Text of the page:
After World War I, Big Lizzie played a big role in clearing land for veteran soldiers in Red Cliffs, Victoria. Here’s everything you need to know about this historic oversized tractor.
The Story of Big Lizzie
The gigantic tractor was built in 1915 by Frank Bottrill, a blacksmith and innovator. He hoped that his innovation would replace camels used to carry heavy loads across the scorching semi-arid deserts. After one year of hard work, the huge tractor, standing at an astonishing 10 metres high, was finally completed.
His next assignment was to transport Big Lizzie to Broken Hill, his planned destination for the huge machine. As a result, he started the two-year journey via the Victoria route, travelling across deserts and rivers to Victoria. Throughout the entire journey, Big Lizzie pulled two trailers behind her.
At one time, the journey was halted for several months because Big Lizzie couldn’t cross the flooded Murray river.
Speaking of Murray river, you’ll also love reading about the Big Murray Cod, one of the most popular and storied Big Things of Australia.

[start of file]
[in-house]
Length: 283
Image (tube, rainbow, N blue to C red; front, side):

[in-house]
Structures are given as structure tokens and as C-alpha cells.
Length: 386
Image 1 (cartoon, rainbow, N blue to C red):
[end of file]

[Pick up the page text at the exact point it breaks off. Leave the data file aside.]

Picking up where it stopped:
The temporary halt forced Bottrill to seek employment in the local area since he had already exhausted his savings along the way.
Big Lizzie began clearing the 6,000 hectares of Red Cliffs land in 1920, stamping over the thick shrubs and thickets that would have taken forever to clear by hand. It’s said that the enormous tractor cleared 50 Ares of land a day, taking about four years to complete its assignment.
In 1924, Big Lizzie began a new journey towards the Western part of Victoria after completing the Red Cliff assignment. However, the huge tractor couldn’t find more land to clear, so Bottrill decided to abandon her at Glendenning Station.
Big Lizzie sat unused for years until 1971 when she was brought back to Red Cliffs, where she sits under a shelter at Barclay Square.